“The avalanche happened near here,” says my second cousin, Giuliano, as we drive over the pass of Tre Croce. We are in the Italian Alps, where my grandfather’s brother, Mario Ciliotta, served in the Alpini Corps during World War I, as described in my blog post of a few months back.
In the avalanche, all the members of an infantry unit were killed except for Mario, who lived on lemons for a week until he was rescued.
Now I’m traveling with my husband, Sparrow, and our 20-year-old daughter, Sylvia, on our first visit to my father’s Italian relatives.
As we drive between the rocky peaks, still snow-capped on this April afternoon, Giuliano gives a slightly different version of the avalanche story. He says there were three or four other men with Mario, and they were trapped under the snow. They survived because they made a breathing hole to the surface.
I’m trying to picture a cluster of men huddled in the snow for a week, eating lemons (carried for scurvy prevention) while they wait for rescue. Did they try to tunnel out, or was that too dangerous? Did the Alpini have an avalanche protocol? Did the men carve themselves a little cave? Did they embrace to stay warm?
Back in Valle di Cadore, the mountain town (population approx. 2000) where my grandfather, Attilio, was born, I wanted to ask the older relatives these questions. But somehow, the visits to the homes of Giuliano’s parents and uncles were too rushed and confused. Our stay in Valle was much too short. However, our visit brought other delights.
Before we left Paris, Sparrow and Sylvia had seen an exhibit of paintings by Cima da Conegliano, an artist of the Venetian Renaissance. On the way to the mountains, we visited Florence and Venice, the glories of Renaissance art bonding us with a kind of familial glue. At the San Marco Convent in Florence, I was dazzled by Fra Angelico’s Annunciation: Mary looks shocked and filled with dread as she listens to the archangel, who blushes, earnestly compassionate, both of them real people. Sylvia was fascinated by the Coronation of the Virgin.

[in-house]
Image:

In Pieve di Cadore, the town next to Valle, we went to the house where Titian was born. In the church across the square, we saw his painting of the Holy Family, with the faces of his family members.
That Sunday, we went to church in Valle with Giuliano. Outside, the building was simple and severe. We were amazed to find the interior of this little country church—the one my grandfather attended as a child—lavishly adorned with paintings, carvings, and a sky-blue dome.
After the service, cousin Beppino told us the painting to the left of the altar was by Cima da Conegliano. We went to look. It showed a luscious Madonna and child, with two putti—fat little baby angels—lowering a crown onto the Virgin’s head.
It’s because of my grandfather, who left Italy in the 1920s, that we made the trip to his birthplace. Seeing this painting in his church, a fitting finale to a sweet family trip, felt like a gift from him to us—a heartfelt gift from my ancestor.